Combined small cell lung cancer (C-SCLC) is an uncommon subgroup of small cell lung cancer (SCLC) and few clinical data can be referred. Our study is to investigate the clinical features and prognostic factors of C-SCLC, as well as the role of multimodality treatment.
Between January 2004 and December 2012, patients with histologically diagnosed C-SCLC were retrospectively analyzed. The survivals were evaluated with the Kaplan-Meier method. Univariate and multivariate analyses were used to evaluate potential prognostic factors.
One hundred and fourteen patients were enrolled, with a median age of 59 (range: 20−79) years old. The most common combined component was squamous cell carcinoma (52.6%). Among these patients, the disease was stage I, II, III and IV in 9.6%, 19.3%, 46.5% and 24.6% of the patients, respectively. Eighty patients (70.2%) received at least two of the three modalities containing chemotherapy, radiotherapy and surgery. The median follow-up was 32.5 months. The median time of overall survival (OS) was 26.2 months. On univariate analysis, smoking (P=0.029), Karnofsky performance score (KPS) <80 (P=0.000), advanced TNM stage (P=0.000), no surgery (P=0.010), positive resection margin (P=0.000), positive lymph nodes ≥4 (P=0.000), positive lymph node ratio >10% (P=0.000) and non-multimodality treatment (P=0.004) were associated with poor OS. Multivariate analysis confirmed that smoking, advanced TNM stage, positive resection margin and positive lymph nodes ratio >10% were poor prognostic features.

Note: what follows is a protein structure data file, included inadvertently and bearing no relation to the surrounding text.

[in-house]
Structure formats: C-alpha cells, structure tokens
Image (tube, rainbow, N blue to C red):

C-SCLC has a relatively early stage and good prognosis, which may due to the underestimated diagnosis in non-surgical patients. Multimodality therapy is recommended, especially for limited disease. Smoking, advanced TNM stage, positive resection margin and positive lymph nodes ratio >10% are poor prognostic factors.